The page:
Childhood Civility


By Sarah West

Paper is rolled out over school lunch room tables. Easels, sketchbooks, still-life drawing props and various other studio necessities are arranged before the school bell rings. The beginning and end of my week is marked this way. After the bell, excitement fills the halls, and there is a rush as students descend into the lunchroom eager to engage in the creative process. They bring with them stories of their day.
Some tell of exciting events, and express their anticipation of the upcoming holiday, while others harbor somber sentiments regarding disheartening experiences that had befallen them. Just last week, I greeted my class and presented the question, “please tell me something interesting that you have experienced this week.” The prevalent topic was, of course, Halloween, fall festivals and candy. Amid the joyful chatter, another approached me and explained, “Ms. Sarah, someone said that my artwork wasn’t good…” After consoling this student with compassion, and thoughtful advice, I encouraged everyone to gather around for a group conversation. The conversation began as I asked each student a series of questions, “how do you define art, and what does art mean to you?” I encouraged each young artist to think before answering. I also impressed upon them the importance of civility and how we might encourage it by practicing civility through conversation spoken mindfully. Each student reverently waited their turn to answer and contribute to this discussion. I grew aware that our talk continued well into our brush painting exercise. No one seemed to mind.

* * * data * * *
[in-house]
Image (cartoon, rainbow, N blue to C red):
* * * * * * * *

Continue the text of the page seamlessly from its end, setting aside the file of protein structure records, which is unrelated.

At the end of our class, students had not only achieved drawing and beautifully painted studies; they had grown to understand their fellow classmates better. Through art they practiced civility, and mindfully considered diverse reactions to art and ways that they might react compassionately to others too, even when art might be misunderstood.
Sarah West serves the Opelika Observer as a contributing columnist, with written works of Cultural Arts relevance and prose. She is a preservation and conservation advocate, activist and visual artist of American Illustration with a focus on regional narrative painting. She is the founder of the Sarah West Gallery of Fine Art, a center for cultural art in Smiths Station and Alabama’s premier fine-arts destination. She is the appointed Official Artist to the city of Smiths Station, a Lee County syndicated columnist and the director of her art center’s Cultural Arts Outreach Initiative, which partners with local schools to make the arts accessible to all. She also serves a chief curator to the City of Smiths Station’s City Hall Art Galleries. She is a founding member of the Smith Station Historic Commission. She is a member of the Women’s Philanthropy Board- Cary Center, Auburn University College of Human Science. She is an elected member of the Society of Illustrators-NYC. She mentors art students of every age through weekly classes at her studio located in the heart of Smiths Station. To learn more about her work and activism visit,


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